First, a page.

Health & Wellness

French constitutional court to scrutinize law on health pass


PARIS (AP) — A special French court is set to decide Thursday whether a new law that takes effect next week and would only allow access to cafes, restaurants, long-distance travel — and in some cases hospitals — for those with a COVID-19 health pass is in line with the country’s constitution.

The legislation was sped urgently through parliament last week as virus infections soar, fed by the highly contagious delta variant which now accounts for most cases in France.

Polls show a majority of the French support the pass. But vocal critics claim that it restricts basic freedoms by imposing limits on their movements outside home and implicitly renders vaccinations obligatory. Opponents have demonstrated around the country for the past three Saturdays, with more protests expected this weekend.

The Constitutional Council examining the law is a special court which, among other things, reviews the constitutionality of legislation.

Dozens of protesters have been holding sit-ins in front of the Council building in Paris for several days, and on Thursday police chased some out of a nearby square.

The health pass is issued to people either vaccinated against COVID-19 vaccinations, or who have proof of recent recovery from the infection, or a recent negative test. It has been in effect since July 21 for cultural and recreational venues, including cinemas, concert halls and theme parks with capacity for more than 50 people. But the new law to go into effect on Monday vastly extended its application.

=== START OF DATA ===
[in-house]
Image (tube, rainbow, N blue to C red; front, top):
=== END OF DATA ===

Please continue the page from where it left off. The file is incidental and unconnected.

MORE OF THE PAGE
The law requires the special pass for entry to cafes and restaurants, including outdoor seating, rest homes and hospitals — for visitors and patients who don’t need urgent attention. The pass is also required for long-distance travel by train, plane or bus. And the law stipulates that all health care workers be vaccinated by Sept. 15.

Many restaurant owners say it is not their job to enforce the law, checking each client for a pass. Some health professionals have voiced fears that patients in need of non-urgent treatment could suffer.

“Quite a few people have told us they wouldn’t be coming back once the health pass is implemented,” said Vanessa Shi, co-owner of a noodle restaurant near the Champs-Elysees Avenue.

“We’ve been insulted on several occasions, with people calling us sell-outs and worse for saying we would implement the measure,” she said. “But with the bills we’ve racked up during the pandemic … it’s a matter of survival for us.”

More than 28,700 new infections were reported as of Wednesday evening, a steep climb from one month ago. The pandemic has claimed more than 112,000 lives in France.


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